Post-Traumatic Stress Disorder, more commonly known as PTSD, seems to be one of the most misunderstood mental health conditions many people struggle with as there are quite a few misconceptions about what exactly it is, the symptoms, and who it affects.  I have found myself in many conversations where people have asked me what I treat and as soon as I mention PTSD, they respond with “Oh, you work with veterans. That’s awesome!”  And while working with veterans is probably super awesome, that is not the population I most commonly work with.  While many veterans and military personnel battle with this, they are not the only ones.  It is assumed by many that to suffer from PTSD you must have had to witnessed war or some sort of extreme violence, while this can lead to PTSD, these are not the only traumatic events that lead to its development.  

There are multiple types of events/experiences that can lead to PTSD, such as: medical procedures, feelings of helplessness, danger, or fear, natural disasters, abuse, seeing violence, divorce, death of a close friend or family member, etc…(NIMH, 2016).  Many of these event/experiences are things many of us experience at one point or another in our lifetime, and as you can see, these are things that are experienced across the age spectrum.  Which leads to another misconception, which is the thought that this is something only adults can be diagnosed with.  Anyone at any age can develop PTSD.  Yes, that’s right, children and adolescents can suffer from PTSD.  Children and adolescents are sometimes seen to have differing symptoms than adults, which can sometimes make it more confusing to understand and diagnose.  Adults with PTSD are seen to commonly experience flashbacks, nightmares, avoidance of reminders of the event/experience, being easily startled, feeling tense or edgy, difficulty sleeping, and irritability.  Children can experience these same symptoms, but they can present with bed-wetting after having been potty-trained, regression in speech, acting out event/experience in play, and/or separation anxiety with caregiver.  Adolescents are seen to have similar symptoms to adults but can develop behaviors that are disruptive, disrespectful, or destructive (NIMH, 2016).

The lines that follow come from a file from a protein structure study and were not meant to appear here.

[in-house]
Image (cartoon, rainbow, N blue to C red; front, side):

To confuse you even further, not everyone who has experienced a traumatic event or had a traumatic experience will develop PTSD.  There are several factors that can play an instrumental role in reducing one’s risk of developing PTSD.  One factor that can be very helpful is leaning in to a support system and allowing them to be supportive through the difficult times.  If you or your loved one are not in a position to be surrounded by a support system, seeking out a support group that can help one through this experience can prove to significantly decrease this risk. Another factor that is helpful in reducing one’s risk is to find healthy ways to cope with the experience.  If you or your loved one are unsure of healthy coping skills, seeking out a licensed therapist that has trauma-informed training can be beneficial in identifying healthy ways to work through the traumatic event/experience.  Lastly, finding a way to process through the event/experience and identify bravery and/or viewing one’s actions in a positive manner can help to reduce the risk of developing PTSD (NIMH, 2016). 

If you feel that you or a loved one have been through a traumatic event and/or experience and need additional support or feel that you may be suffering from PTSD, please feel free to contact us at Restoring Hope, LLC to schedule an assessment. 

U.S. Department of Health and Human Services, National Institutes of Health, National Institute of Mental Health. (2016).Post-Traumatic Stress Disorder.  Retrieved from